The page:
Time, they often say in New York, is money. This can also mean that money is what time is like. Money, being purely quantitative, has no content, but can be exchanged for content: its purchases. The same has become true of time: it, too, is now being exchanged for the content it lacks. Work-time for wages, wages for the unlived time “encapsulated” in the purchase: the “speed” of the automobile, the eternal present of the television screen, the time “saved” in a hundred household appliances, the peace of the retirement pension to come, etc. etc. The fourth lesson of the city is pie in the sky, in which the denial of space and time combine.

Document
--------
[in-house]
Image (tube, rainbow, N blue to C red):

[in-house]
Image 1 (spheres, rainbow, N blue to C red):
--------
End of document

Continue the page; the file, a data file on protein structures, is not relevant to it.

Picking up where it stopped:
From John Berger’s Ralph Fasanella and the City, collected in About Looking.